• Sequential Read/Write Speeds: 3,500 / 2,100 MB/s
Pros:

  • High performance
  • Downloadable SSD management tool
  • Power efficient
Cons:

  • Only two size capacity options
  • Expensive

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Toshiba OCZ RD400 M.2

A Powerful SSD with Top Specs

toshiba ocz rd400 m.2 - A Powerful SSD with Top Specs
The Toshiba OCZ RD400 has all of the top speeds and IOPS you need for hardcore gaming. While it’s fairly affordable considering its high specifications, it may have a tendency to run hot.

Specs

  • NAND Flash Memory: MLC
  • Sequential Read/Write Speeds: 2,600 / 1,600 MB/s
  • Random Read/Write Speeds: 210K / 140K IOPS
Pros:

  • Very high performance
  • Affordable
  • Power efficient
Cons:

  • Runs at a hot temperature
  • Downloadable drivers cause issues

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SAMSUNG 850 EVO M.2

A Durable SSD for Average Gaming

samsung 850 evo m.2 - A Durable SSD for Average Gaming
The Samsung 850 EVO doesn’t quite have the sequential transfer speeds in comparison with some competitors, but it’s an all-around quality SSD from a reputable brand.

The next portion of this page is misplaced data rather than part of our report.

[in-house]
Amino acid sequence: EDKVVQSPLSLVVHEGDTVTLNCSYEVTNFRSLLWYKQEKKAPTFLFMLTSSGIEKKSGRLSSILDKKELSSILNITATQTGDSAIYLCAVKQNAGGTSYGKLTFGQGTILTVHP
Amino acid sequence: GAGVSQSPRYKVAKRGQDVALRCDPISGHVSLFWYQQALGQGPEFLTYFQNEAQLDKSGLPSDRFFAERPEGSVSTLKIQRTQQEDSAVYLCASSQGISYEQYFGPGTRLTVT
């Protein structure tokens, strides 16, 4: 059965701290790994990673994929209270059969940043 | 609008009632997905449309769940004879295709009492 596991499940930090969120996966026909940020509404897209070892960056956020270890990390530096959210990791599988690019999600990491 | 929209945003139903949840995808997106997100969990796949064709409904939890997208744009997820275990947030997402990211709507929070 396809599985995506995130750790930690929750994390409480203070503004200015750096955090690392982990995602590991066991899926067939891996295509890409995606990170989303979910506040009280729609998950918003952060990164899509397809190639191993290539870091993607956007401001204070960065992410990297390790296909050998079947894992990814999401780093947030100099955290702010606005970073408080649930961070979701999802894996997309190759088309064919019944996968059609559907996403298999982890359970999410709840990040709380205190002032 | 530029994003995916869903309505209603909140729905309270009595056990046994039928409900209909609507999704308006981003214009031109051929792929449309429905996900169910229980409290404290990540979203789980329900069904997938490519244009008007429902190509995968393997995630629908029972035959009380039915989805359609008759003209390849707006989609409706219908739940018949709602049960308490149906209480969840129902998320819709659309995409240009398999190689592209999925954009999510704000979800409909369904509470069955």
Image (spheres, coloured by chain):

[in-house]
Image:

Specs

  • NAND Flash Memory: V-NAND (Samsung’s own NAND)
  • Sequential Read/Write Speeds: 540 / 500 MB/s
  • Random Read/Write Speeds: 97K / 89K IOPS
Pros:

  • Downloadable SSD management tool
  • Affordable
  • Capacity options
Cons:

  • Somewhat low sequential transfer speed
  • Setup is complicated

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Plextor M8Pe M.2

A Good SSD with Decent Specs

plextor m8pe m.2 - A Good SSD with Decent Specs
The Plextor M8Pe is a great SSD choice for gamers looking for performance and convenience. While its specs don’t quite compare with some of its competitors, it’s a fairly easy SSD to install and maintain.

Specs

  • NAND Flash Memory: MLC
  • Sequential Read/Write Speeds: 2,000 / 1,400 MB/s
  • Random Read/Write Speeds: 280K / 240K IOPS
Pros:

  • Good performance
  • Easy to update drive
  • Easy to install
Cons:

  • Expensive

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Crucial MX300 M.2

A Budget SSD for Moderate Gaming

crucial mx300 m.2 - A Budget SSD for Moderate Gaming
The Crucial MX300 is perfect for those running a dual SSD set up and need the extra space but do not want to forgo the speed of an SSD. This is one of the lowest priced M.2 SSDs available.

Specs

  • NAND Flash Memory: TLC
  • Sequential Read/Write Speeds: 530 / 510 MB/s
  • Random Read/Write Speeds: 92K / 83K IOPS
Pros:

  • Very affordable
  • High capacity
  • Downloadable SSD management tool
Cons:

  • TLC NAND Flash Memory – lower longevity
  • Provided Disk copying tools may not work with Windows 10

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Best SSDs of 2017: Our Recommendation